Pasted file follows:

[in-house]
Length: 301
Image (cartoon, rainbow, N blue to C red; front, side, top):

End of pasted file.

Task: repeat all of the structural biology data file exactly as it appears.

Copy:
[in-house]
Length: 301
Image (cartoon, rainbow, N blue to C red; front, side, top):